Welcome to my rant about isolation with kids

Chris Stead
 | Updated March 8, 2021

Welcome to my rant about isolation with kids

Chris Stead
 | Updated March 8, 2021

Well this is a new world order isn’t it. And not one that I like. Suddenly myself and my husband are solely responsible for our children’s education, mental health, physical health, dietary needs and general well-being. This is not fun. I miss my village. If you are enjoying this time with your children, it’s probably time to stop reading.


Feeling inadequate to control my temper

Tonight I lost it at my kids. My four year old was having a truly shit afternoon and after a lot of screaming from him at me, I screamed back. Right in his ear. So loudly that my throat hurt. He looked shocked and then laughed at me. Little turd.

My threats had already escalated from no tv, to no food for the rest of the day. And I’d even had a break to have an adult meeting, whilst Chris managed the kids in the afternoon. It wasn’t enough. I miss them leaving the house so much.

Feeling even more inadequate as I see all the amazing things we could be doing

Oh my god there are so so many things to do with the kids. Craft, so much bloody craft. Sports, inside and outside the house. Resilience activities, well-being activities, kids yoga and more. Online tours of attractions, live streaming of zoos, educational activities. Games to play in your area.

FAR OUT someone please please make it stop.


Why – one because I don’t know where to start, there is just so much. Two because nearly all of it involves a screen and by the time I’ve enlisted the screen to have a shower and take a couple of meetings, I don’t want to put them back in front of it. Three, because we don’t have the craft supplies for most of the craft so that just leads to a hellish period of me trying to adapt what they are doing. And four – because I am mentally exhausted. Between group WhatsApp messages, responding to emails, coordinating social chats for the kids and trying to keep track of what we can actually do, I just don’t have any room to add in something like planning a fun and educational activity.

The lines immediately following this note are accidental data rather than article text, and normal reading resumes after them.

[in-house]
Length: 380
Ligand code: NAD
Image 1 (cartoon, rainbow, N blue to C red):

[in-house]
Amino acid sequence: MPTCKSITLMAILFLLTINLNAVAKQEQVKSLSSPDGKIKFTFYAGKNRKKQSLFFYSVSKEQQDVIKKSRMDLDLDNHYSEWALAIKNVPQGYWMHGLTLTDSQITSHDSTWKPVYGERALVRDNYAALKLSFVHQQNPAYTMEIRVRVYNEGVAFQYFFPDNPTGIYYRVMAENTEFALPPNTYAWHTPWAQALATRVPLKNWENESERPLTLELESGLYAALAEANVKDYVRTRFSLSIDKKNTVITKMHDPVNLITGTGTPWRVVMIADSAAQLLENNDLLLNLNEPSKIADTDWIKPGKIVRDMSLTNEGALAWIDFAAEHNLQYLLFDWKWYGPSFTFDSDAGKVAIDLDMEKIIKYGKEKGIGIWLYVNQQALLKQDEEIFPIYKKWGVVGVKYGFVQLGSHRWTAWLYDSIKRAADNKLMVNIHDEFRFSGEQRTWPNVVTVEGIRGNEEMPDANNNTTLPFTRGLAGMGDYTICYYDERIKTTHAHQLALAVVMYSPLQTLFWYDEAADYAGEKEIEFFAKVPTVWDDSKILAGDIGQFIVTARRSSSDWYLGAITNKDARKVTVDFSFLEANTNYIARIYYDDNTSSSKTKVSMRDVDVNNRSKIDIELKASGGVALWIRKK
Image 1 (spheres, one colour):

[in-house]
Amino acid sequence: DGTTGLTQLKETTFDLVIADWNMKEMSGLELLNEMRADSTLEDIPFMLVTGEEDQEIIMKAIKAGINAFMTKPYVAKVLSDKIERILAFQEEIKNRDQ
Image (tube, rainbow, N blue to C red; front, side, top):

Our "school" hub during isolation with kids

Our "school" hub during isolation times

Don’t worry – I get it. Promotion is a good and important thing right now

So here’s the thing – I get why businesses are doing this. This is a horrific time for nearly everyone and people really want to help whilst also keeping themselves top of your mind. It’s smart. And it’s helpful. And maybe one day soon, as we settle into this new world order, I’ll appreciate it (maybe).

In fact, we jumped on the same bandwagon and have been moving through our book apps and making them free for a few days. (From Wednesday 1st it will be Christmas Chimney Challenge). So I shouldn’t complain. I know that. But I still am.

Moving forward with a breath and a smile, albeit a slightly hysterical one

I’ve been talking to authors around the world and the common sanity thread has been less media.

For me as a parent, I think I need to add to that a bit of confidence in me, Chris and our family dynamic. I think all parents engage with their kids and teach them in their everyday life and this insane time is perhaps the space where we do more of that.

When I am not feeling shit about my lack of magical craft or printed activities (printer is broken) I enjoy the small moments. Things like Patrick tracing his name successfully. Charlie writing a three page long story that he proudly reads to his dad. And Jazzy nailing nearly every piece of schoolwork we put in front of her with ease. These are special and ones that may stick through the memory fog.

I am not grateful for coronavirus, it’s horrible and I want it to end. But I am grateful for our family, for the bonds that bind us and give us the strength to get through (or nearly get through) each of these days.

From our isolation hub to yours – a big hug and stiff drink.

We’ll get there my friends. With or without the help of the many wondrous activities on offer.  

Kate Stead

Chris Stead

Chris Stead is an award-winning author and editor with over 26-years of experience in the publishing industry. After publishing over 1000 magazines and launching a dozen commercial websites, fatherhood saw him turn his attention to the world of children's picture books and self-publishing. He now makes books for himself and countless indie authors around the globe.

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